SHANGHAI:China’s commercial aerospace dreams took wing on Friday, as the first Chinese-built passenger jetliner completed its first public flight test, embodying the country’s ambitions to take on the industry champions, Boeing and Airbus.
With a brisk breeze blowing through light smog under overcast skies, a large crowd of government officials and aerospace executives gathered to watch as the C919, white with a green-and-blue striped tail, underwent a lengthy preflight check, then rumbled down a runway and into the sky for a test flight that lasted about an hour.
The aircraft landed safely, and Comac, its manufacturer, declared it a success. But the program still has a long journey ahead. It is emblematic of China’s challenge as it seeks to become a leader in aerospace and other critical technologies like electric cars, advanced microchips and artificial intelligence.
Aviation experts have hailed the strong growth momentum of China’s aviation industry, which, they said, has taken an important step in the right direction.
“This event can only be welcome. This indicates that the Chinese aviation industry is gaining momentum and is rising to a new level,” said Nikolay Yakubovich, an aviation engineer and aviation historian in Russia.
The twin-engine C919 is made by the Commercial Aircraft Corporation of China (COMAC). With a standard range of 4,075 km, the narrow-body jet is comparable with updated Airbus 320 and Boeing’s new generation 737 planes.
Michel Merluzeau, director of Aerospace & Defence Market Analysis for AirInsight Research in Seattle, was also impressed by the great efforts made by the Chinese government in accelerating innovation.
“What really impresses me with COMAC and with Chinese aerospace industry as a whole is that, we have traditional aerospace cycles in Europe and North America every 10, 15 years,” Merluzeau said.
The aviation expert noted that there are two things to understand: First, “the role of Chinese government to accelerate innovation and to push innovation and program very fast.” Second, “the ability of COMAC to probably innovate fast and shake up what we see as a cycle here in North America.”
Merluzeau also expressed confidence in the future development of COMAC, the Shanghai-based manufacturer of the C919.
“I think by 2030, 2035, COMAC may very well do well in aircraft together to compete with the new aircrafts of Airbus and Boeing,” said Merluzeau.
However, despite the successful test flight, it still takes time for the C919 to take off in the market.
Shaking the dominance of giants Boeing and Airbus in the near future is unrealistic, as the experts have pointed out, but the Chinese jetliner could be a strong option for global carriers in decades to come.
“I believe that this first Chinese passenger airliner will find a niche, and will occupy an important place in the domestic Chinese market, as well as will start some kind of advance to the outside market,” said Vasily Kashin, a senior research fellow at the Center for Comprehensive European and International Studies of the Moscow-based Higher School of Economics (HSE).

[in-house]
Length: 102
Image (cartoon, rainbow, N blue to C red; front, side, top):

Kashin said that C919’s development, production and operation will allow China to accumulate experience, and at the next stage, when a new airplane generation or a new significantly improved version of C919 is developed, to release a full-fledged competitor, which can challenge Boeing and Airbus.
“Using a number of existing advantages, including the possibility of some price reduction due to its own very large domestic market and the attraction of cheap credit resources from Chinese state-owned banks, China will be able to compete seriously with American and European producers and catch up with them,” Kashin said.
A total of 23 foreign and domestic customers, including China’s national carrier Air China, have placed orders for 570 aircraft, according to COMAC.
But this is only the very first step. Even in China’s domestic market, COMAC has a long way to go to turn technical success into business success.
“Over the very long term COMAC is likely to become a major player in the airline segment,” said Douglas Royce, senior aerospace analyst at Forecast International, an aerospace market research firm in the United States.
At least in the early years of service, demand will be centered in the Chinese market and a few satellite markets, said Royce, adding that Airbus and Boeing have spent decades competing fiercely against each other and are lean and mean in the airliner market.
“The world market is so complex and competitive that it is difficult to hope that it will be possible to break into it immediately with a product that will beat all others and drive out all competitors,” Kashin said, echoing Royce’s remarks.
Boeing predicted last year that China will become the world’s top aviation market within 20 years, projecting a demand for more than 6,000 new aircraft in the next two decades with a total value of 1 trillion U.S. dollars.
The C919 will be a strong competitor in this field as it is economical and comfortable, according to a research note from Guosen Securities.